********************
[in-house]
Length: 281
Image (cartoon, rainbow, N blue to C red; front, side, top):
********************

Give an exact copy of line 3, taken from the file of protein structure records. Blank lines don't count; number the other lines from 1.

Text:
Image (cartoon, rainbow, N blue to C red; front, side, top):